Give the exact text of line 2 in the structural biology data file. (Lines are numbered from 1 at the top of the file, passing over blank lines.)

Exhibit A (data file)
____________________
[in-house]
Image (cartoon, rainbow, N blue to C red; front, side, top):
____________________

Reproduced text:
Image (cartoon, rainbow, N blue to C red; front, side, top):